The clothes in which Cosimo I was buried give us a rare and precious insight into the clothing of the sixteenth century. In 1983, the clothes arrived at the Costume Gallery as a bundle of shapeless fabrics and were painstakingly restored by internationally renowned experts over a ten-year period. While it was possible to reconstruct the doublet, his other items of clothing could only be partly restored.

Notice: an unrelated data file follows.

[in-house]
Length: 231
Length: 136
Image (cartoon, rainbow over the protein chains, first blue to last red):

Cosimo I de’ Medici's rise to power was seen by both the family and the city as a mark of Florence’s return to international prominence; even fashion became an ““instrumentum regni” thanks to the influential potential that clothing demonstrated under the influence of Spanish fashion. With the consolidation of political power beyond the Alps and in Italy, courtly fashion was born, an ostentatious and exhibitionist style that was expressed in carnivals and at the courts with a theatrical and scenographic flair. Masculine fashion was characterized by showy decorations, particularly the cuts of fabric which enabled an interplay of colors thanks to the possibility of overlaying different materials and tones. Military power was another mark of prestige at court and this had to be shown off to the full.